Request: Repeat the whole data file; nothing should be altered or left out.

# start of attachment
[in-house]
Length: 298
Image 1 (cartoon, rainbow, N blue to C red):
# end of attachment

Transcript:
[in-house]
Length: 298
Image 1 (cartoon, rainbow, N blue to C red):